The increasing economic integration of the Indian economy with global processes has brought considerable challenges at the door of its agricultural sector. These challenges have arisen from two broad sets of problems. In the first place, a number of major crops have been witnessing a decline in productivity growth, in particular over the past decade. Second, and perhaps more important from a short run perspective, is the fact that Indian agriculture faces unfair competition from cheap imports, which poses an enormous threat to the livelihoods of the farming communities. It is quite clear, therefore, that a comprehensive framework needs to be evolved, one that addresses the specific problems that the agricultural sector faces at the present juncture.
One of the ironies of the reforms programme introduced in the beginning of the 1990s was that it failed to cast a glance at the sector that supports the largest share of the country’s workforce. An eloquent testimony of the relative neglect suffered by agriculture during the past decade is its steadily decreasing share in the country’s capital formation. Throughout the 1990s, the share of agriculture in gross capital formation (at constant prices) has remained in single digits, which explains the slackening of its growth momentum during the past decade. This has contributed to the decline in the share of the sector in GDP, from just less than a third in the early 1990s to below a fourth a decade later.
That there has been a steady deterioration in the agricultural situation during the past decade can also be seen from the fact that while the share of rural population has seen very little change, there has been some decrease in the share of population dependent on agriculture. These trends could be a pointer to the threat to their livelihoods that the agricultural population has been facing in the more recent years.
The livelihood threats facing the Indian agricultural population could in fact increase manifold if the country is forced to undertake reductions in tariffs of the kind that is being demanded by the United States in particular in the ongoing negotiations in the WTO. The magnitude of the problems for domestic agriculture that any drastic reduction in the existing levels of tariffs can cause would be clear from the trends in the international prices of some of the major commodities in the second half of the 1990s. International prices had slumped to their lowest levels during this period primarily because of the weight of the subsidies granted by the major players in the markets for agricultural commodities, in particular the United States and the members of the European Union. A feature of the subsidies being granted by these countries has been the targeting of subsidies on products that are of export interest to them. The members of the European Union have traditionally been using very high does of subsidies on specific products which include wheat, corn and sugar besides dairy products. In case of wheat, for instance, the production-related subsidies that the producers received in 2002 were almost 84 per cent of the total value of output. The corresponding figures for sugar and milk were 51 and 50 per cent respectively. In addition to these subsidies, the EU members were also using export subsidies to gain control over the global markets.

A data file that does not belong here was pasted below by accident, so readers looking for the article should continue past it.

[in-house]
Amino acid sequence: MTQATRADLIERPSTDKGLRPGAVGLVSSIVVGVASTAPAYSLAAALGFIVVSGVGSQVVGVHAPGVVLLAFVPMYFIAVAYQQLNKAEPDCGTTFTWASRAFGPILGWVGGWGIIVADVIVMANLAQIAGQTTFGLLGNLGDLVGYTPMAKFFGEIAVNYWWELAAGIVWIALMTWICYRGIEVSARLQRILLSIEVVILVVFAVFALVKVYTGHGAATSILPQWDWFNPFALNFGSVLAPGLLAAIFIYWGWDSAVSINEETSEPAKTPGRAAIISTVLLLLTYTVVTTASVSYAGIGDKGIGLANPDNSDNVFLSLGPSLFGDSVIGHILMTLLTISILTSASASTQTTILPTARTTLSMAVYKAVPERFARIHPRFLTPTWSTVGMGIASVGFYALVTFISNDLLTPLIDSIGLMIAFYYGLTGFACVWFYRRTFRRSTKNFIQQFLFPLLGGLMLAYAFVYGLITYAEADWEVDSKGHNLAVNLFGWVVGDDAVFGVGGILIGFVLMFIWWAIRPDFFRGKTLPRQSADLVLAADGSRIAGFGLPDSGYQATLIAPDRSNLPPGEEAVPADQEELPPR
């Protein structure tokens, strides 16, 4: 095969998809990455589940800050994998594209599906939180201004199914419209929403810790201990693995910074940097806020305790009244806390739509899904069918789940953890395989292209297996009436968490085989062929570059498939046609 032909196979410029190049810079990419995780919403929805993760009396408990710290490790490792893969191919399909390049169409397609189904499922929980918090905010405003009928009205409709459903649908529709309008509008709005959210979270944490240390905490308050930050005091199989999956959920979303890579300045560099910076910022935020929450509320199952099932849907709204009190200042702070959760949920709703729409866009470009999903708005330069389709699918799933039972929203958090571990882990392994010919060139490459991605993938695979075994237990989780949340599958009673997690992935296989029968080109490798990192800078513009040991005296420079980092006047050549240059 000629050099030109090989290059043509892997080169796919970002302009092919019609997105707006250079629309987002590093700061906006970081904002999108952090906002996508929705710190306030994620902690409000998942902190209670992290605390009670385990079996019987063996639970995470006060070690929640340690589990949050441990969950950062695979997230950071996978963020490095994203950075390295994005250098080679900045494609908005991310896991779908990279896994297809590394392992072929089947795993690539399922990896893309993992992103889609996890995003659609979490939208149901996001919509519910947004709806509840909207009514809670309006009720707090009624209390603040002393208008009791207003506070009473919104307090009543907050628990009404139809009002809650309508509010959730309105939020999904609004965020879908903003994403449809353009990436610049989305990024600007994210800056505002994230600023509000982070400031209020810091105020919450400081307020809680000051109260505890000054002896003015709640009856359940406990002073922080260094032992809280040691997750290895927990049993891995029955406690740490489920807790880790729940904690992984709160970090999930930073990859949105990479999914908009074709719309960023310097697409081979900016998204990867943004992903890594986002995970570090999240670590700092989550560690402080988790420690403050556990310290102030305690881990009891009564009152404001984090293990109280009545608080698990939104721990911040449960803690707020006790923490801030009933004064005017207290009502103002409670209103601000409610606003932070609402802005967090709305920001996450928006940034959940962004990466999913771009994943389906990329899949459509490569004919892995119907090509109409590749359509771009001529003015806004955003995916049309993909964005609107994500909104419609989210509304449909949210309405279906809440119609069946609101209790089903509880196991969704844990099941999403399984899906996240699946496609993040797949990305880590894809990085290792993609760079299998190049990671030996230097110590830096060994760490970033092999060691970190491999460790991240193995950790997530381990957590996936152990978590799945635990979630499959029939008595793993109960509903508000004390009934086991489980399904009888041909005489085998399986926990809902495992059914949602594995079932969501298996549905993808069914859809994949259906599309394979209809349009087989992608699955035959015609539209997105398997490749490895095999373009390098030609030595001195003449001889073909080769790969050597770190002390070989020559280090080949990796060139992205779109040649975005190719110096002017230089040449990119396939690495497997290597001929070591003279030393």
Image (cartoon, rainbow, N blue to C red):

The United States, on the other hand, increased the subsidies it was granting to specific commodities, after the WTO was established in 1995. Wheat, rice, corn and soybeans were some of the commodities in which subsidies were increased quite considerably. In case of rice, subsidies increased from close to US $ 12 million to more than US $ 700 million between 1995 and 2001, while for soybeans, the increase was from US $ 16 million to more than US $ 3.6 billion during the same period. These tendencies displayed by the countries controlling the global agricultural markets shows the levels at which distortions are being introduced in these markets, leading to increased levels of uncertainties. It is not surprising therefore that the international prices for at least the major commodities are expected to remain sticky at relatively low levels for most of the present decade.
The ongoing agriculture negotiations in the WTO have brought to the fore the severe pressures on India to reduce its tariffs. These pressures are higher given that India is among the very few countries for which the bound tariffs (i.e. maximum tariffs allowed under the WTO regime) are at levels that are significantly higher than most developing countries. It is, however, important for India to maintain tariffs on products that are critical from the point of view of maintaining food security and livelihoods, given that the international prices of many of these commodities have remained sticky at low levels in recent years, a point that was made earlier.